Psychologists demonstrate implanting non-believed false memories in troubling studyApril 29, 2012
A recent study has found that people can have memories of events that never occurred implanted in a laboratory setting, even when they know that it never actually happened. Combining these findings with the reality of the Defense Advanced Research Projects Agency’s (DARPA’s) hallucination-inducing technology and you have the potential for both the reliability of our memory and perception to be manipulated and thus become completely unreliable.
In 2010, Giuliana Mazzoni and Lucy Harvey of the University of Hall in the UK along with Alan Scoboria of the University of Windsor conducted a survey of over 1,500 undergraduate students. These researchers found that almost an entire quarter of the individuals surveyed reported having a memory of an event which they know or believe did not actually happen.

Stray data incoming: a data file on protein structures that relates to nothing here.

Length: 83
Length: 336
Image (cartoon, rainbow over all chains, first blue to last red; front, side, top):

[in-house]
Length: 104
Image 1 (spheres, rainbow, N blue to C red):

Now a group of psychologists including Andrew Clark, Robert Nash, Gabrielle Fincham, and Giuliana Mazzoni have conducted a three-stage study which was actually able to produce false memories which persisted despite the fact that the participants knew, and no longer believed, they had ever performed the actions.
As per usual, a certain amount of deception was involved in the study. Twenty participants were brought to a psychology lab for what they thought was a study dealing with mimicry.
They were filmed as they sat across from a research associate and repeated the actions of the researcher. Actions were simple and included snapping fingers, clapping hands, rubbing the table, etc.
Each participant would watch the researcher passively then mimic their actions. In total, 26 different actions were mimicked by each participant.